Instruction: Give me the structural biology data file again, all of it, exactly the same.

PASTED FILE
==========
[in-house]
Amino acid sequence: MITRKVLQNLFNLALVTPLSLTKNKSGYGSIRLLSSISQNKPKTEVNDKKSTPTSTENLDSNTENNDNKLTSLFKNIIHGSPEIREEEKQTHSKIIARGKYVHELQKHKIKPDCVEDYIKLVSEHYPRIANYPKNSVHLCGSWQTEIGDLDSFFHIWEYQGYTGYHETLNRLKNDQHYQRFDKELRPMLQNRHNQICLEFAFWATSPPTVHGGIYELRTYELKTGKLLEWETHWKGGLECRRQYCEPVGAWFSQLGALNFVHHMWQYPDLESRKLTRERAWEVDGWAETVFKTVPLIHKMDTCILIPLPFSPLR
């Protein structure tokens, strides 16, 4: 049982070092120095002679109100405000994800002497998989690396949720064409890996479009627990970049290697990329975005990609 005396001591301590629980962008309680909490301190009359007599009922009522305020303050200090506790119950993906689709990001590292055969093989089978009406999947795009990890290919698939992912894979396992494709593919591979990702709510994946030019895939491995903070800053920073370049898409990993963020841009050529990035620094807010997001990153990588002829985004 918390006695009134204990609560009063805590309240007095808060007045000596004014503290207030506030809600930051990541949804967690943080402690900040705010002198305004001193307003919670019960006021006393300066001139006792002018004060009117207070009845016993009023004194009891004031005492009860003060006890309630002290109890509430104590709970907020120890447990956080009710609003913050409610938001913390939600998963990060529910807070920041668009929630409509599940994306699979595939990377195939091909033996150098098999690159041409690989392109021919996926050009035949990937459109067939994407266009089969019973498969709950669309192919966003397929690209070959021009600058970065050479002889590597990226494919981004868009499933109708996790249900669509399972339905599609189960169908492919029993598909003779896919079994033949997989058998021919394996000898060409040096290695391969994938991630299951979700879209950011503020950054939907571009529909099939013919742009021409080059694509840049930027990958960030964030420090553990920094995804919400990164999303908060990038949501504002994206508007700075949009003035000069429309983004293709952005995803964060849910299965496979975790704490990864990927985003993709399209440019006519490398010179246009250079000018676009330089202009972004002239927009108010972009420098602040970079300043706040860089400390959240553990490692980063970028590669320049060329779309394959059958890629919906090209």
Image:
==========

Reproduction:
[in-house]
Amino acid sequence: MITRKVLQNLFNLALVTPLSLTKNKSGYGSIRLLSSISQNKPKTEVNDKKSTPTSTENLDSNTENNDNKLTSLFKNIIHGSPEIREEEKQTHSKIIARGKYVHELQKHKIKPDCVEDYIKLVSEHYPRIANYPKNSVHLCGSWQTEIGDLDSFFHIWEYQGYTGYHETLNRLKNDQHYQRFDKELRPMLQNRHNQICLEFAFWATSPPTVHGGIYELRTYELKTGKLLEWETHWKGGLECRRQYCEPVGAWFSQLGALNFVHHMWQYPDLESRKLTRERAWEVDGWAETVFKTVPLIHKMDTCILIPLPFSPLR
């Protein structure tokens, strides 16, 4: 049982070092120095002679109100405000994800002497998989690396949720064409890996479009627990970049290697990329975005990609 005396001591301590629980962008309680909490301190009359007599009922009522305020303050200090506790119950993906689709990001590292055969093989089978009406999947795009990890290919698939992912894979396992494709593919591979990702709510994946030019895939491995903070800053920073370049898409990993963020841009050529990035620094807010997001990153990588002829985004 918390006695009134204990609560009063805590309240007095808060007045000596004014503290207030506030809600930051990541949804967690943080402690900040705010002198305004001193307003919670019960006021006393300066001139006792002018004060009117207070009845016993009023004194009891004031005492009860003060006890309630002290109890509430104590709970907020120890447990956080009710609003913050409610938001913390939600998963990060529910807070920041668009929630409509599940994306699979595939990377195939091909033996150098098999690159041409690989392109021919996926050009035949990937459109067939994407266009089969019973498969709950669309192919966003397929690209070959021009600058970065050479002889590597990226494919981004868009499933109708996790249900669509399972339905599609189960169908492919029993598909003779896919079994033949997989058998021919394996000898060409040096290695391969994938991630299951979700879209950011503020950054939907571009529909099939013919742009021409080059694509840049930027990958960030964030420090553990920094995804919400990164999303908060990038949501504002994206508007700075949009003035000069429309983004293709952005995803964060849910299965496979975790704490990864990927985003993709399209440019006519490398010179246009250079000018676009330089202009972004002239927009108010972009420098602040970079300043706040860089400390959240553990490692980063970028590669320049060329779309394959059958890629919906090209």
Image: